The year was 2006 and I was standing behind a podium at the Los Angeles VA Hospital in a small conference room with an audience of my peers, other palliative care fellows, and a few physicians and nurses who stopped in to eat their lunch and listen to my presentation on spirituality and end of life care. It was near the end of my year long palliative care fellowship as the one social worker on the team. I had struggled the whole year for a sense of direction. I was a young 28 year old. What did I know about helping veterans with a terminal illness? What did I know of suffering then? I don’t really remember what I presented, but I do recall ending with Rainer Maria Rilke’s words from “Letters to a Young Poet,” Don’t search for the answers, which could not be given to you now, because you would not be able to live them. And the point is, to live everything. Live the questions now. Rilke’s words gave me the confidence to stand before those medical professionals and share my truth and also say I don’t know.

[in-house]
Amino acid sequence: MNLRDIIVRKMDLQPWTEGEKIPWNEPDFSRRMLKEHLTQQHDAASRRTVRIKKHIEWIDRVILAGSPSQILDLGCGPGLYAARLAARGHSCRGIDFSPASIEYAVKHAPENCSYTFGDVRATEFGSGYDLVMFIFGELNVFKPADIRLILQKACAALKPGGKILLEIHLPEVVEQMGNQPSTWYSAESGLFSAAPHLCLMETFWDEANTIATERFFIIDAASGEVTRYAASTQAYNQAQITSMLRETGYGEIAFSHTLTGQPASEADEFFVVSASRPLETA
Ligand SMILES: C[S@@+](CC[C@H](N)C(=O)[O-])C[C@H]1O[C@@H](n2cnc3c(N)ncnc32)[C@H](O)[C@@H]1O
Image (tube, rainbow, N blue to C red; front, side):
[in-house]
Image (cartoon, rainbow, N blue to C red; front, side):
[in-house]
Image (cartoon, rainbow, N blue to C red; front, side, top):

This year of the pandemic, the great political divide, and ongoing natural disasters of climate change have brought so many questions that we continue to live. On this winter solstice night, I leave you with another poem, Go to the Limits of Your Longing by Rainer Maria Rilke, from Book of Hours I 59 to hold onto in this time of darkness.
God speaks to each of us as he makes us,
then walks with us silently out of the night.
These are the words we dimly hear:
You, sent out beyond your recall,
go to the limits of your longing,
Flare up like a flame
and make big shadows I can move in.
Let everything happen to you: beauty and terror.
Just keep going. No feeling is final.
Don’t let yourself lose me.
Nearby is the country they call life.
You will know it by its seriousness.
Give me your hand.